Author: Christina Puntel
Summary: In this sample chapter from Assessing Students’ Digital Writing: Protocols for Looking Closely, a teacher-consultant shares insights from the collegial feedback she received on a student-led food justice project and the implications for her instruction and assessment. For teachers whose students engage in complex projects, this offers a model of how teachers used the Descriptive Review process to produce a more in-depth and valid assessment of student work than any traditional rubric could provide.
Original Date of Publication: June 30, 2015
Reflecting on the process, I realize no rubric could have captured the many angles through which my colleagues and I looked at the game Brandon and Tre created. As I encourage these students and the others I teach in Multicultural Ethical Issues classes or in my own Spanish classes, I continue to value the stance the Descriptive Review Process affords me. Whether I gather with teachers to look at student work in person or online, the power of oral inquiry gives me insight into the student’s strengths as well as ideas for further works, different methods, and expanding my role as teacher and learner. During this process, I was also introduced to the Multimodal Assessment Project from NWP (MAP, 2013). When students compose digitally in my classroom, sometimes I have a hard time encouraging next steps and revision in the works they create. This framework gives me some tools to help scaffold those processes, while still valuing student choice. I am particularly excited about two of the domains, “substance” and “process management and technical skills,” in this framework as I plan further projects and themes.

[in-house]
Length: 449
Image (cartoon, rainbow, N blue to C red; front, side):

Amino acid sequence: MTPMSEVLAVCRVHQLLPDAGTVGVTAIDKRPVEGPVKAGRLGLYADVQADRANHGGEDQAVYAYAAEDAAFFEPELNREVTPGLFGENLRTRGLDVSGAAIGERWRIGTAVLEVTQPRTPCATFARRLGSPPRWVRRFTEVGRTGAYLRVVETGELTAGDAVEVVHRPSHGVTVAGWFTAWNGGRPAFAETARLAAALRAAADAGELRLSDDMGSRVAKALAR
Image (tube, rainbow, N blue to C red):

- No Longer a Luxury: Digital Literacy Can’t Wait
- Students as Writers and Composers: Workshopping in the Digital Age
- Teaching in a Movement for Justice
Original Source: National Writing Project, http://www.nwp.org/cs/public/print/resource/4415